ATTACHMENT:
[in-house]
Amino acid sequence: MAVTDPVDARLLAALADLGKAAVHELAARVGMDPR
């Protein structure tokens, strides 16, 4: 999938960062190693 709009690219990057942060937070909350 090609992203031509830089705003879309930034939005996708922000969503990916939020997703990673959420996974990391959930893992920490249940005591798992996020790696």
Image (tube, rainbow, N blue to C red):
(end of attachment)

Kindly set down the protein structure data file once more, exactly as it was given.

[in-house]
Amino acid sequence: MAVTDPVDARLLAALADLGKAAVHELAARVGMDPR
């Protein structure tokens, strides 16, 4: 999938960062190693 709009690219990057942060937070909350 090609992203031509830089705003879309930034939005996708922000969503990916939020997703990673959420996974990391959930893992920490249940005591798992996020790696």
Image (tube, rainbow, N blue to C red):